Tamara's beloved endurance partner.  He is currently in the hospital being treated for a small intestine impaction.  Surgery is not an option.  Prayer is.  Please light a candle for this talented horse and rider and jingle healing energy to bring him through into full health. 




Sick, Sick, Sick! Got a Cure for Bronchitis?





Gaaaaaaaa!  I'm home sick for day # 5.  I've caught one kick-butt case of bronchitis.  Been to the doctor, started a Z pack, and it is starting to budge this nasty stuff.  Seems like every Spring this crud settles into my lungs.  Any favorite oldy time healing tricks for this nasty bug?  Red and Lyra will sure thank you cuz I've actually been too sick to gather them from the general pasture for their nightly meal. Red is just fine (but you know he is pretty dang miffed).  Lyra was just hovering on the very edge of acceptable weight so this is not good for her.  

Sunday, March 8, 2009

The Search for Spring and a Very Close Call



In between the hail, rain, and fog, SPRING is insisting that it is time for growing things 
to wake up and show their stuff.  Daffodils!!!!  Pussy Willows!!!!  New leaf buds, and
 tender shoots of green are shooting up all over Humboldt County.  

All that tender green grass just beyond reach is more than a certain Percheron mare in the general pasture can stand.  Her supersized self just reaches right over the fence and pussssshhhes.  Snap, crackle, pop - there goes another fence board.  Here is one that landed with a daffodil to pillow its fall.  I check the fence line every night on my way home.  

Someone else is trying to figure out how to get out of a fence.  Lyra is still unhappy during the short time she has to stay in her round pen.  She can see her herd and wants no part of being able to eat to her heart's content when she has to do it by herself.

So she sends me pathetic looks clearly begging.  "Mom, pleeeeassasssseeee don't leave
 me in here again!  Wait!  Come on back here!  You forgot to take me with you!!"  


Yesterday Lyra decided to take action on her own behalf.  When I opened the gait and started to push the wheelbarrow in to muck, she charged forward and pushed her way  past me and over the wheelbarrow.  Off she went, headed straight to the general pasture.  Unfortately, her timing perfectly matched a motorcycle roaring up Freshwater Road.  Traffic goes really FAST past the stable.  

As my runaway mare trotted toward her herd, I trotted a long distance after her yelling "LOOSE HORSE, LOOSE HORSE!"  Judy, Kay, Neena, and Emily all helped direct traffic and keep Lyra semi-contained in front of the pasture gate.  All the general pasture horses helped by gathering at the gate and talking calmly to her.  Thanks everyone!!!  We got her safely back in the round pen.  Thanks to the driver of the little silver car who stopped to help.  No thanks to the driver of the blue jeep like vehicle who REFUSED to slow down.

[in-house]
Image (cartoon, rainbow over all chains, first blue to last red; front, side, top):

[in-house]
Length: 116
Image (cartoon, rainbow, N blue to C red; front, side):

When it was all over, I counted my new grey hairs and did a training session in our  little round pen.  What was the theme?  Respecting my space in relation to the gate.  What the person driving the blue jeepish vehicle just didn't get was that driver's must slow down or stop as appropriate when approaching a horse or horse drawn veheicle.   She also didn't get that her refusal to slow down could have had lethal consequences.  Tell ya what I DO get - the reasons to be aware and present around horses are many, starting with the need to ensure safety.  If Lyra's break-out ended in tragedy, the negligence would be mine.

I let my attention lapse while I was pushing the wheel barrow through the gate.  I am grateful my new grey hair was the only consequence!

Saturday, March 7, 2009

Happy Trails Scary, You Sure Will Be Missed



One of my very favorite blogs is closing down - Scary's West.  This was one of the first blogs I followed faithfully, one of the blogs that got me thinking blogging was a pretty cool thing and a gateway into a worldwide community.  This photo is from the talented photographer and storyteller's blog.  Please stop by for a visit to a special place before it is no longer visible on the world wide web.  Sure will miss this very bright star in our modern Indra's Net.

Friday, March 6, 2009

Skywatch Friday #34


A Day of Wind, Rain, and RAINBOWS!

Perfect for Skywatch Friday.




















Wednesday, March 4, 2009

Wordless Wednesday - Science Experiment?









Oh NO!!!  The general pasture water trough has become absolutely disgusting.  This is not good.
Time to do some major santizing.  Poor Red and Lyra.  Poor GP Herd.

Sunday, March 1, 2009

And Just When Winter Seemed to Settle in for Good


Here come the first signs of Spring!











Postscript 3/2
Hmmm, Red seems to have survived the winter rather well.  
His nightly hay and crunchies certainly maintained his weight. 
It's not too early to plan out our "spring grass" strategy to protect Red's hoofs AND his girth.